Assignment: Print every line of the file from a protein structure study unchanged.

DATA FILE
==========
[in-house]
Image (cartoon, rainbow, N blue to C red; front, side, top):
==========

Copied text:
[in-house]
Image (cartoon, rainbow, N blue to C red; front, side, top):